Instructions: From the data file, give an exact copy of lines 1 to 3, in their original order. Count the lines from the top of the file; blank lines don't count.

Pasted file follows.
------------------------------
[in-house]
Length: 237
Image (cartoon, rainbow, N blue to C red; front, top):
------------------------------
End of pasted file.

[in-house]
Length: 237
Image (cartoon, rainbow, N blue to C red; front, top):